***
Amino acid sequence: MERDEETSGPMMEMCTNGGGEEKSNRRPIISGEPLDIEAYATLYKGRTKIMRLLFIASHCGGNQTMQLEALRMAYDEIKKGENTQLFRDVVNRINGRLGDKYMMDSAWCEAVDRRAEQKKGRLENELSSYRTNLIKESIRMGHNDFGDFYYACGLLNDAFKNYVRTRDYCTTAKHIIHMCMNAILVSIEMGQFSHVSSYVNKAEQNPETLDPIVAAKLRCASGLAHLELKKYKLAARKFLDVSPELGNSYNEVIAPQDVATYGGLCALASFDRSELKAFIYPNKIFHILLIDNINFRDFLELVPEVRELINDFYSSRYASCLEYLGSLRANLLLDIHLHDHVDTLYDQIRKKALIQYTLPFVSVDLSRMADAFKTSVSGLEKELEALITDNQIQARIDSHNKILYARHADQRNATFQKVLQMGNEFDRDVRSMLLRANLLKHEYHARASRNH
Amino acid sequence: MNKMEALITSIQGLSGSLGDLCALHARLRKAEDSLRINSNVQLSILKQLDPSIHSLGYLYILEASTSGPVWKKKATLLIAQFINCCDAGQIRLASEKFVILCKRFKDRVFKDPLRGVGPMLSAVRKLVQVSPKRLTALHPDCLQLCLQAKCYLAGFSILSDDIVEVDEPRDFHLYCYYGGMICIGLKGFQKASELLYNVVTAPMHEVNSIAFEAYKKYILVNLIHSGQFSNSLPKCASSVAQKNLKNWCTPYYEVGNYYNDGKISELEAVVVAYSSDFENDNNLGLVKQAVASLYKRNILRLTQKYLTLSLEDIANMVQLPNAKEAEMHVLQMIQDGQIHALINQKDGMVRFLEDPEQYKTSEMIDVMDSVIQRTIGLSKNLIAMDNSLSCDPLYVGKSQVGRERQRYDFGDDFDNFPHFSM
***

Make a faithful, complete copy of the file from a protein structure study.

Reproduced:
Amino acid sequence: MERDEETSGPMMEMCTNGGGEEKSNRRPIISGEPLDIEAYATLYKGRTKIMRLLFIASHCGGNQTMQLEALRMAYDEIKKGENTQLFRDVVNRINGRLGDKYMMDSAWCEAVDRRAEQKKGRLENELSSYRTNLIKESIRMGHNDFGDFYYACGLLNDAFKNYVRTRDYCTTAKHIIHMCMNAILVSIEMGQFSHVSSYVNKAEQNPETLDPIVAAKLRCASGLAHLELKKYKLAARKFLDVSPELGNSYNEVIAPQDVATYGGLCALASFDRSELKAFIYPNKIFHILLIDNINFRDFLELVPEVRELINDFYSSRYASCLEYLGSLRANLLLDIHLHDHVDTLYDQIRKKALIQYTLPFVSVDLSRMADAFKTSVSGLEKELEALITDNQIQARIDSHNKILYARHADQRNATFQKVLQMGNEFDRDVRSMLLRANLLKHEYHARASRNH
Amino acid sequence: MNKMEALITSIQGLSGSLGDLCALHARLRKAEDSLRINSNVQLSILKQLDPSIHSLGYLYILEASTSGPVWKKKATLLIAQFINCCDAGQIRLASEKFVILCKRFKDRVFKDPLRGVGPMLSAVRKLVQVSPKRLTALHPDCLQLCLQAKCYLAGFSILSDDIVEVDEPRDFHLYCYYGGMICIGLKGFQKASELLYNVVTAPMHEVNSIAFEAYKKYILVNLIHSGQFSNSLPKCASSVAQKNLKNWCTPYYEVGNYYNDGKISELEAVVVAYSSDFENDNNLGLVKQAVASLYKRNILRLTQKYLTLSLEDIANMVQLPNAKEAEMHVLQMIQDGQIHALINQKDGMVRFLEDPEQYKTSEMIDVMDSVIQRTIGLSKNLIAMDNSLSCDPLYVGKSQVGRERQRYDFGDDFDNFPHFSM